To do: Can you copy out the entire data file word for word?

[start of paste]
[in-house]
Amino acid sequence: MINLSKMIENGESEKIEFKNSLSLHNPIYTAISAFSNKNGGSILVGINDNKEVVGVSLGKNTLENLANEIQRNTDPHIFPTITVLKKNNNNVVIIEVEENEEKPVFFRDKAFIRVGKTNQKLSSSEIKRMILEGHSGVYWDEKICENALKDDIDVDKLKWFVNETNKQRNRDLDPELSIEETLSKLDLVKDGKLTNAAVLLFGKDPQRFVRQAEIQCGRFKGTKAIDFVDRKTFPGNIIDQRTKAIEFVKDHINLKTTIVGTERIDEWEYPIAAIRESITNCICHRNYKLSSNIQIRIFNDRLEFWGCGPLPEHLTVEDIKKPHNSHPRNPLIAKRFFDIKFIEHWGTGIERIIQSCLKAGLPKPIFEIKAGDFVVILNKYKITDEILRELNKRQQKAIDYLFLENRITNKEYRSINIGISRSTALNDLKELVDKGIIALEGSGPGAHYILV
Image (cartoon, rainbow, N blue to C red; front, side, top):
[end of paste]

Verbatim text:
[in-house]
Amino acid sequence: MINLSKMIENGESEKIEFKNSLSLHNPIYTAISAFSNKNGGSILVGINDNKEVVGVSLGKNTLENLANEIQRNTDPHIFPTITVLKKNNNNVVIIEVEENEEKPVFFRDKAFIRVGKTNQKLSSSEIKRMILEGHSGVYWDEKICENALKDDIDVDKLKWFVNETNKQRNRDLDPELSIEETLSKLDLVKDGKLTNAAVLLFGKDPQRFVRQAEIQCGRFKGTKAIDFVDRKTFPGNIIDQRTKAIEFVKDHINLKTTIVGTERIDEWEYPIAAIRESITNCICHRNYKLSSNIQIRIFNDRLEFWGCGPLPEHLTVEDIKKPHNSHPRNPLIAKRFFDIKFIEHWGTGIERIIQSCLKAGLPKPIFEIKAGDFVVILNKYKITDEILRELNKRQQKAIDYLFLENRITNKEYRSINIGISRSTALNDLKELVDKGIIALEGSGPGAHYILV
Image (cartoon, rainbow, N blue to C red; front, side, top):